Supreme Italia boss sentenced to 8 years by London court with his son sentenced to 3 years
Fashion | Law
FACT BOX: Supreme, based in USA, owned by Vanity Fair Corporation (the original brand) and Supreme Italia are not the same company nor brand nor are they owned or founded by the same people.
Supreme, the New York streetwear brand now owned by VF (Vanity Fair) Corporation, is well known and loved world wide with items costing a few hundred USD each. However their distinctive red and white logo and font appears on some unusual items of apparel, also costing upwards of $150 USD per item. However some of these items weren’t made by the New York brand. They are the work of an Italian founded group of father and son ‘two man band’ companies that had hijacked Supreme’s look and logo – in other words, a replica, fake or blatant knockoff. These are not similar styles inspired by Supreme in a different label, these are styled and even labeled as Supreme.
FACT BOX: In November 2020, VF Corporation bought out Supreme for $2.1 billion USD from investment groups; Carlyle Group and Goode Partners LLC, as well as founder James Jebbia. Jebbia continues to manage the operations. Vanity Fair Corporation owns a subsidiary called Chapter 4 Corporation which trades and operates as Supreme Holdings inc. Thus Supreme is directly under the control of Chapter 4 Corp. who’s parent group is VF Corporation.
However thanks to a combination of entrepreneurial creativity, a deep understanding of international legal systems and the quirks of trademark law, the whole thing seemed to be totally legal. In most countries, just not the UK.
Supreme (the counterfeit one) founders; Michele di Pierro (53) and his son Marcello (24) have been sentenced to 8 years and 3 years in custody respectively at a court in London, UK. The di Pierro’s London-based International Brand Firm Ltd. was simultaneously hit with a £7.5 million GBP fine ($10.37 million USD / €8.74 million EURO / 3.99 million OMR ) to be paid to the real Supreme, a fine not likely to be paid given the £300 GBP in the company’s accounts.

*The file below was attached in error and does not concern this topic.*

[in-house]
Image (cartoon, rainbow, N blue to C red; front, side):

How did this happen? and… how did they – kind of – get away with it?
The counterfeit Supreme (some times referred to as Supreme Italia by the Italian media) filed trademark requests in various countries, including do Pierro’s native Italy, Spain, and China, where Chapter 4 Corp. hadn’t yet secured its registration.
The counterfeit Supreme started their manufacturing in the southern small fishing town of Bisceglie (Pronounced: Bee-Sheh-lyee-eh) in the province of Puglia (Pronounced: Poo-lyee-a) on the Adriatic coast. The resulting merchandise was undistinguishable from the originals, with a few additional items, such as the ‘Supreme Money Gun’, a plasting gun that fired fake $100 US dollar bills (very popular with instagram ‘influencers’ and ‘musicians’).
There is no such thing as one global, universal trademark or patent, trademarks have to be registered territory by territory. So even if your brand is well-known, if they did not claim the trademark, there’s a risk that someone else might. In some countries, such as Italy, regulators don’t verify whether anyone else has submitted a request for a similar trademark when you make an application. Meaning you may be paying for a trademark that later proves to be invalid if you didn’t do your own due diligence for conflict prior to registration.
The counterfeit Supreme, initially did not own any of its own stores, instead selling its apparel through smaller shops across Italy. Generating millions of Euro in revenue di Pierro senior’s social media accounts started to fill up with images and videos of first-class air travel, luxury cars and ‘testimonials’ from ‘fans’.